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Home/Rod Dreher/Christian Conservative On Knife’s Edge

Christian Conservative On Knife’s Edge

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I received a version of this letter from a reader today. I asked him if he would rewrite it to take some specific identifying information out (to protect himself and his family), so I could publish it. He did, and so I share it with you. I think it’s very powerful:

I live what many would call the American Dream. Not only do I fly Old Glory from the front porch of the house I own, I own my own small business as well. I am a married man and father who serves his church regularly in a leadership position. I also sit on the board of a local school where my children attend. On top of all of that, I serve my country in the military reserves. I own guns, live in the Bible belt, and grew up without social media but am young enough to follow them and appreciate constantly changing technology.

I have been conservative since my college years when I felt that my country was headed in the wrong direction. My conservatism led me to vote conservative and argue for conservative ideology. I received my bachelor’s degree, and will soon have my master’s from seminary.

In 2016, I had my reservations about Trump. I voted for Cruz in the primaries but in the general election I gladly voted for Trump. I did so because I was American and I wanted my country to put back on the right track. I believed Clinton was the worst choice for that. I didn’t want Democrats running this great country further into the ground. I even began to like Trump; I laughed at his gloating and mic-drop moments in the debates. I thought that he was the strong man who could put on our country on a better path. I gladly supported him in office for his conservative judges, tax cuts, strong immigration policy, etc.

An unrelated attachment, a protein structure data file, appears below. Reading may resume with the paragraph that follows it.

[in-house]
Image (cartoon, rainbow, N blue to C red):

However, I never put a Trump sign in my yard nor wore a MAGA hat. I never jumped into the “MAGA river”, I just sat on the shore with my feet in the water. I didn’t think wrong of someone in the river, floating down the MAGA current with Trump, I just didn’t want to put myself in there. But over the last two years, I began to slowly pull my feet out of the water. It’s not that I didn’t support Trump, nor would vote for him in the upcoming election, but I couldn’t be as infatuated with him as others. I began to slow down on my political posting online, and wouldn’t throw facts and truth at liberals to garner some tears so I could gloat in my conservative superiority. I still supported Trump on policy, but I could not bring myself to celebrate the man.

Last year, I began to see something that I had not seen before. This came after I read your book, Live Not by Lies. I saw that the church in America was not faithfully serving God like she claimed, but rather serving a country. I also saw the other side where the church began to serve “wokeness” in the name of compassion only to find that “compassion” whiplashed with societal whims.

Then January 6th happened, and my whole American dream came crashing down. I saw a pastor I knew post online his praise for the raiding/occupation of the Capitol Building. I saw other professing Christians on social media, many whom I know in person, calling for states that voted for Trump to cut ties with states that did not. I saw the title “demoncrat” again and again, calling those on the other side of the political aisle “enemies” and “evil” as if it were some sort of war.

My own friend, mentor, and pastor called Vice President Mike Pence a traitor — a traitor — on social media for not pulling some magical string to keep Trump president. I am still in shock about it because this was not like him.